Looking through the Lens of Gender and Diversity

Redress December 2016

Looking through the Lens of Gender and Diversity

From the Editor

Welome to this special edition of Redress exploring gender and ethnicity. In 2013 I completed a doctorate in social inclusion that required me to become immersed in a small Muslim African community in Melbourne for nearly five years. As a white, middle-class woman, I soon discovered that I had to look at myself differently as a researcher, shifting my own subjectivity about where I sit within, between and amongst the dominant culture and the African culture. This experience lead me to Fadumo, a Somali woman who worked very closely with me over the five years and who inspired me to share with students our story of two women from very different worlds who interweaved themselves into the other’s culture and became the best of friends. My article shares some of our experiences.

As part of her report to the Victorian Commissioner for Gender and Sexuality, Roy Allen and the Advisory group Maria Pallotta-Chiarolli focuses on the experiences of same-sex attracted and gender diverse young people of multicultural and multifaith backgrounds. In contrast, Vivian Gerrand reveals her personal experience of purchasing a burkini for sun protection and the subsequent criticism she receives both on holidays and online. This self-reflective piece takes us on a journey of isolation and interrogation about what women can and cannot wear and reveals that ‘Islamophobia’ is well and truly alive. In a similar vein, Julie Peters shares her personal journey as a teenager feeling disorientated in the gender she had been assigned and uncomfortable in the 1960s Catholic education system. She reveals the turning points in her primary and secondary schooling that had her questioning normative gender roles and where she fitted in. Finally, Emily Spratt, a Year 12 student shares the reality of what it is like being a young woman living out her life within a culture of the male gaze. She is constantly negotiating and questioning her own behaviour and that of her friends about what it means to feel safe while her male counterparts are not expected to respect women.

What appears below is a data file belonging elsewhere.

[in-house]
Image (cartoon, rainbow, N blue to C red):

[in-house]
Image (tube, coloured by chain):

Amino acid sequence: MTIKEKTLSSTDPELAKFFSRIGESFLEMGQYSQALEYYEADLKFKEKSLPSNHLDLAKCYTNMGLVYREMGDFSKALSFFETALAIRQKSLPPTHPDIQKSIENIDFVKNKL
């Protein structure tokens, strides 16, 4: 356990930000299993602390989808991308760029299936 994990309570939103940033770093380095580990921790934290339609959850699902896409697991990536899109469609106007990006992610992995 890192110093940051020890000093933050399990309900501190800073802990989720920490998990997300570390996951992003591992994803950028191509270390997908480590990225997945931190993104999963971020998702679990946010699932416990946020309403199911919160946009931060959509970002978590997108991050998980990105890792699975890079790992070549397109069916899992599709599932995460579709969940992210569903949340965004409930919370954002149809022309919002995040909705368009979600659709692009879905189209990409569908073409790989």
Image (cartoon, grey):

A very enlightening read. I really hope you enjoy this issue and are inspired by all the stories and extensive research.

Georgia Birch
Guest Editor

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